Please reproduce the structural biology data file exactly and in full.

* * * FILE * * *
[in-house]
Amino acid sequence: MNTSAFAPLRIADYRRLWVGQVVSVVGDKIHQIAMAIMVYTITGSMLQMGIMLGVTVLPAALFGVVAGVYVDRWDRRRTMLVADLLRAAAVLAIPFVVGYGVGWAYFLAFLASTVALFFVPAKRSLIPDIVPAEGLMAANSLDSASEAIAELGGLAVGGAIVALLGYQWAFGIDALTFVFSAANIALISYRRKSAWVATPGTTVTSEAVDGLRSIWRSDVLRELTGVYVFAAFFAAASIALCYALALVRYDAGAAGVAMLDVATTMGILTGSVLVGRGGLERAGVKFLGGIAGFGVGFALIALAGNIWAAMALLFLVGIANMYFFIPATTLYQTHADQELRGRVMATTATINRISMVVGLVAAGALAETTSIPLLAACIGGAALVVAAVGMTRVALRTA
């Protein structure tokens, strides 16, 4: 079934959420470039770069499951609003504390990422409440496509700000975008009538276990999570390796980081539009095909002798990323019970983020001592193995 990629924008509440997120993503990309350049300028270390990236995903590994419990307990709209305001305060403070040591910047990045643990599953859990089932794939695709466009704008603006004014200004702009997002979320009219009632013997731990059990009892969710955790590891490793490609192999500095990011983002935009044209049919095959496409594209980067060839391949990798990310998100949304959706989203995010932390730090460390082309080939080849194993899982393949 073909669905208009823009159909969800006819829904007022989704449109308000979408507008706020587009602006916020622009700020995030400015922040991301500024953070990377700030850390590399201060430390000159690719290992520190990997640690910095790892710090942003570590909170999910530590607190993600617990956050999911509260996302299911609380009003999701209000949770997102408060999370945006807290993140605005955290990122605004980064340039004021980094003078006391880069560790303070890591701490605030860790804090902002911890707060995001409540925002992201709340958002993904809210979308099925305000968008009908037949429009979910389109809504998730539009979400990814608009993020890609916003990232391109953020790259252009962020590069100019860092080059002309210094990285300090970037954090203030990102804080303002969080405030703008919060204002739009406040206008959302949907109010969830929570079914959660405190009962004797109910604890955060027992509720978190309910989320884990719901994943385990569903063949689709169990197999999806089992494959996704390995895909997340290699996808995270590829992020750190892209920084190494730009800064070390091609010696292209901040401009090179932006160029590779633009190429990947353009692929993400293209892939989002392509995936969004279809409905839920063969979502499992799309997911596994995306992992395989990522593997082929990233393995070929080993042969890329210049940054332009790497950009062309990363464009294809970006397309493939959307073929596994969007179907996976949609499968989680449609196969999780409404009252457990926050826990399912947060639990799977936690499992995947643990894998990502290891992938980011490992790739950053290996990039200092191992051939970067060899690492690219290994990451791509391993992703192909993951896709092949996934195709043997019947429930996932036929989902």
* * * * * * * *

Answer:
[in-house]
Amino acid sequence: MNTSAFAPLRIADYRRLWVGQVVSVVGDKIHQIAMAIMVYTITGSMLQMGIMLGVTVLPAALFGVVAGVYVDRWDRRRTMLVADLLRAAAVLAIPFVVGYGVGWAYFLAFLASTVALFFVPAKRSLIPDIVPAEGLMAANSLDSASEAIAELGGLAVGGAIVALLGYQWAFGIDALTFVFSAANIALISYRRKSAWVATPGTTVTSEAVDGLRSIWRSDVLRELTGVYVFAAFFAAASIALCYALALVRYDAGAAGVAMLDVATTMGILTGSVLVGRGGLERAGVKFLGGIAGFGVGFALIALAGNIWAAMALLFLVGIANMYFFIPATTLYQTHADQELRGRVMATTATINRISMVVGLVAAGALAETTSIPLLAACIGGAALVVAAVGMTRVALRTA
């Protein structure tokens, strides 16, 4: 079934959420470039770069499951609003504390990422409440496509700000975008009538276990999570390796980081539009095909002798990323019970983020001592193995 990629924008509440997120993503990309350049300028270390990236995903590994419990307990709209305001305060403070040591910047990045643990599953859990089932794939695709466009704008603006004014200004702009997002979320009219009632013997731990059990009892969710955790590891490793490609192999500095990011983002935009044209049919095959496409594209980067060839391949990798990310998100949304959706989203995010932390730090460390082309080939080849194993899982393949 073909669905208009823009159909969800006819829904007022989704449109308000979408507008706020587009602006916020622009700020995030400015922040991301500024953070990377700030850390590399201060430390000159690719290992520190990997640690910095790892710090942003570590909170999910530590607190993600617990956050999911509260996302299911609380009003999701209000949770997102408060999370945006807290993140605005955290990122605004980064340039004021980094003078006391880069560790303070890591701490605030860790804090902002911890707060995001409540925002992201709340958002993904809210979308099925305000968008009908037949429009979910389109809504998730539009979400990814608009993020890609916003990232391109953020790259252009962020590069100019860092080059002309210094990285300090970037954090203030990102804080303002969080405030703008919060204002739009406040206008959302949907109010969830929570079914959660405190009962004797109910604890955060027992509720978190309910989320884990719901994943385990569903063949689709169990197999999806089992494959996704390995895909997340290699996808995270590829992020750190892209920084190494730009800064070390091609010696292209901040401009090179932006160029590779633009190429990947353009692929993400293209892939989002392509995936969004279809409905839920063969979502499992799309997911596994995306992992395989990522593997082929990233393995070929080993042969890329210049940054332009790497950009062309990363464009294809970006397309493939959307073929596994969007179907996976949609499968989680449609196969999780409404009252457990926050826990399912947060639990799977936690499992995947643990894998990502290891992938980011490992790739950053290996990039200092191992051939970067060899690492690219290994990451791509391993992703192909993951896709092949996934195709043997019947429930996932036929989902």